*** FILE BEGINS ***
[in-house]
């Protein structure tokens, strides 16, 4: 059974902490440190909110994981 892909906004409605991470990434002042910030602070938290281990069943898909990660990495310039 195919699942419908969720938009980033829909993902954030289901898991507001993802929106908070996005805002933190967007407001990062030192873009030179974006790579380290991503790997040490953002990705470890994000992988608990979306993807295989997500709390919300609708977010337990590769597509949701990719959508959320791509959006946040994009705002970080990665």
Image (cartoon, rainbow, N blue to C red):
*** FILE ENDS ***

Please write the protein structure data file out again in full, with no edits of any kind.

[in-house]
């Protein structure tokens, strides 16, 4: 059974902490440190909110994981 892909906004409605991470990434002042910030602070938290281990069943898909990660990495310039 195919699942419908969720938009980033829909993902954030289901898991507001993802929106908070996005805002933190967007407001990062030192873009030179974006790579380290991503790997040490953002990705470890994000992988608990979306993807295989997500709390919300609708977010337990590769597509949701990719959508959320791509959006946040994009705002970080990665």
Image (cartoon, rainbow, N blue to C red):